Dental Health: The Facts!

February 13, 2017
hello world!

Most owners don’t go through with dental procedures for their pets due to fear of the unknown. Here are our most FAQ and answers to your concerns:

Are pet cleanings the same as human cleanings?
Yes, we use the same materials and do the same procedures. (Humans are a lot more cooperative though!)

Do you have to put your pet under anesthesia to clean their teeth?
Yes, putting your pet under anesthesia is the only way to do a thorough job. It is impossible to clean under the gums and perform dental xrays if the pet is awake. Similarly oral probing, an important part of our assessment is painful, especially around areas of disease, which are coming in our pet patients. 80% of dogs have peridontal disease by the age of three.

Can my pet eat and drink normally after getting a teeth cleaning or extractions?
Yes, but not straight away. Because your pet has had an anesthesia, you would want to introduce water and food slowly. We recommend offering water an hour after getting home. If this is held down, then a small amount of food can be offered an hour later. Normal eating can be expected within 24 hours. If your pet had any extractions, your pet would need to be on a strictly soft food diet for the first 14 days. This is to protect the sutures. Wet food can be offered or some warm water can be added to the pets regular kibble to soften it. We also want to avoid chewing. Once the vet has assessed the mouth following the 14 day healing period, hard food and chew toys can be reintroduced. Surprisingly, even pets that endured full mouth extractions eat dry food normally once the mouth is healed. In fact many pets eat better than before, because the painful disease has been resolved.

How do I maintain my pet’s teeth after cleaning?
After getting a dental you want to wait 14 days before doing any further prevention. The first preventative action that we recommend is teeth brushing. This should ideally be done daily. There are also dental treats and prescription diets that have specific enzymes in them that you can give your pet to help maintain their teeth. We recommend Royal Canin Dental Diet for our patients since we have seen the best results on this food. The enzymes found in the diet help to prevent calculous build up. The kibble is big and crunchy so that your pet takes time to chew. The abrasive action scratches the calculous off the tooth. Chew toys like ropes can also remove plaque before it turns into calculus. Chlorhexadine is a very effective and safe human mouth wash. We have a chew and a dental wipe that include this product. This is as close as a pet will get to gargling!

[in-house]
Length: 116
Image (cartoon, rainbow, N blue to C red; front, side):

How often does my pet need to come back for follow-ups after teeth cleaning?
If your pet had extractions we do two post op checks at 3-5 days and 10-14 days. Following these check ups, or for pets that didn't require extractions, we like to assess the mouth every 6 months, just like in humans. Dental disease can develop quickly, and early intervention is important to prevent the need for extractions!

Ok, this all sounds good. So how much does it cost to get my pets teeth cleaned?
The cost varies depending on what size your pet is, or how bad your pet’s dental disease is, or if any problems are already present. Book an appointment with your veterinarian today and we can provide you with a detailed estimate before your procedure. All our dental packages include full mouth dental radiographs which are critical to assessing your pets mouth. In fact without dental radiographs, we can only assess 1/3 third of the tooth!

If extensive dental extractions are required and the cost is higher than expected we offer Care Credit, which is an interest free financing service.

When do you know to get your pet’s teeth cleaned?

The tell-tale signs are

  • Bad Breath
  • Browned teeth
  • Red or inflamed gums

Signs of severe dental disease requiring emergency attention include:

  • Pawing at the mouth
  • Swelling under the eyes
  • Difficulty eating
  • Excessive drooling

By Danielle Zaidel, Clinical Assistant at Hill's Veterinary Hospital